By John Lauritsen

FARIBAULT, Minn. (WCCO) — In Faribault, the Cannon River rushes by. As it does, it goes shoulder to shoulder with the Faribault Woolen Mill Company, one of the most iconic buildings in southern Minnesota. It’s from here that you get a glimpse into a whole, new world.

Some of the machines the woolen mill uses today are a 100 years old, or more.

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“They took it from the end of the Civil War, Great Depression, World Wars, all these different economic cycles,” said Paul Mooty, the company’s vice chairman.

Business here began at the end of the Civil War. A cabinet maker from Germany named Carl Klemer bought a “one-horse treadmill carding machine” to make quilts.

“The horse on that treadmill was Jenny, and this is the harness Jenny wore,” said Mooty while showing the harness.

Step by step, Carl and Jenny grew the homespun business. One of their first clients was the U.S. Military. Since then, the mill has made more than a million foot soldier blankets.

“They say that during the World Wars the odds were a soldier carried a blanket made from this very mill,” Mooty said.

But during the Great Recession in 2009, the company fell on hard times. It closed and its historic building was almost demolished. Long-time employees were suddenly out of work. That’s when Chuck Mooty and his cousin saw an opportunity to buy and resurrect the mill with a “Made in America” approach.

“The employees that came back here allowed us to restart this business,” said Mooty. “Without them it doesn’t happen. The pride they had to be here made the difference.”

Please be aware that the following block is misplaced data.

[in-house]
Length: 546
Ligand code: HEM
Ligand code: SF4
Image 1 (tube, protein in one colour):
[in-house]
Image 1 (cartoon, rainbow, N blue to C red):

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It’s a pride that they wear well.

“We have a blanket designed by Dyani White Hawk. This is one of our fastest-selling products ever. We sold more in one week than any product we’ve ever had before,” said Paul Grangaard, the company’s chairman and CEO.

A company that specializes in keeping people warm had a record year during the pandemic, allowing them to add 20 more jobs and 100 new products.

“There’s nothing better than a blanket around your shoulders while you’re socializing outdoors,” Grangaard said. “They’re products that really appeal to people’s connection to Minnesota.”

And through a history of spinning, twisting and weaving, the woolen mill has become the fabric of Faribault.

“It was a great love. We had a lot of good will behind us,” Mooty said.

In addition to the Faribault location the company has stores in Chicago, Minneapolis, and they’ll be opening another one in Excelsior this spring.

If you would like more information on how you can tour the 156-year-old mill, click here.

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John Lauritsen